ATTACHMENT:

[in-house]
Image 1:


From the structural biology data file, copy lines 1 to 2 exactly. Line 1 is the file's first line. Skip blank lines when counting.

[in-house]
Image 1: